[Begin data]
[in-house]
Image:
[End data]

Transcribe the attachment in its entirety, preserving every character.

[in-house]
Image: